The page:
“1973 Land Rover 101 Forward Control, 1.5L 3B diesel with AXT turbocharger; 5 speed gearbox. ARB diff lockers front and rear; electric 10,000 lb. winch; custom free-wheeling hubs. Six Michelin tires. Very low mileage for its age. Comes with brand new canvas (not shown). For appointment to view, contact Jay 604-760-5350. Currently in storage.”
When it comes to awesome vehicles, the Land Rover 101″ Forward Control is right near the top of the list. A little known variant of the brand’s all-conquering Series IIA and Series III trucks, the forward control fulfilled the British military’s need for an air-transportable 1-tonne utility truck, and did so in much the same manner as did Volvo’s Laplander and Steyr-Puch’s Pinzgauer. Produced in a variety of formats for the military alone (there were no civilian forward controls manufactured), the forward control could be had in radio car, ambulance, and truck layouts, with varying body styles and widths befitting their specific roles; radio trucks typically possess an enclosed shell that is no wider than the front end, while ambulances bulge outward to allow additional room for stretchers and medical equipment. Trucks, such as the one pictured here, feature your standard issue, military-style folding bed sides and typically benefit from the fitment of a hoop set and canvas roof.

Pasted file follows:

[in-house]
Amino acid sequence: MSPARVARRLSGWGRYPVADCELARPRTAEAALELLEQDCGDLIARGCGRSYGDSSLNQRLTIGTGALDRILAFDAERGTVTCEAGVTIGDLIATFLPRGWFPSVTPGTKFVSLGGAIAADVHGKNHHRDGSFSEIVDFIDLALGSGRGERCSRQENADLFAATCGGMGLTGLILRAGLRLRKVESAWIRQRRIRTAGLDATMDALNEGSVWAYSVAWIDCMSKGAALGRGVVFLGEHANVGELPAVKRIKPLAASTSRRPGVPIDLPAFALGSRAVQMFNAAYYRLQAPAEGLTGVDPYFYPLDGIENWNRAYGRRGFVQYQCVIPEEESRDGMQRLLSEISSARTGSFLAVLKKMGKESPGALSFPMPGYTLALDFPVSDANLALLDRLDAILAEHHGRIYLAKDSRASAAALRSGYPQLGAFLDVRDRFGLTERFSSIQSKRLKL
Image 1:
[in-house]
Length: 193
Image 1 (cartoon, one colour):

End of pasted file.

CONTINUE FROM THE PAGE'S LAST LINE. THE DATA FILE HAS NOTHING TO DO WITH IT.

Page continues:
Although this blog may be called “Cars You Should Buy,” I fear this first entry after the holiday season breaks with tradition and brings you a car you most certainly should not, regardless of how cool it may appear. Having had the unfortunate fortune of undergoing an engine and transmission swap at some point, the truck has lost one of its best features; the ability to use a huge amount of standard Land Rover parts. Whilst Laplanders, Pinzgauers, and even Unimogs are specific vehicles with very little parts sharing with their stablemates, the 101 utilized much of the same running gear as the regular Land Rover Series IIA and III trucks, which means that any current owner can take advantage of a huge parts supply network. Of course, that pedestrian design also makes it a bit less capable than the similarly-sized, portal-axle-equipped forward control trucks from Steyr, Volvo, and Mercedes, and the prices typically reflect that. It also doesn’t help that due to their relatively awkward looks, punishing ride, and niche status, they simply don’t command much of a market. Readily available in the UK for around nine grand in restored condition, and typically carrying a $2,500 shipping cost, this truck’s $25,000 price tag is absolutely ridiculous. But, if nothing else, it does serve as a great excuse to search eBay Motors UK for a better one. As always, interested parties can click the blue text alongside the topmost picture to navigate to the seller’s Craigslist ad… but I wouldn’t recommend it.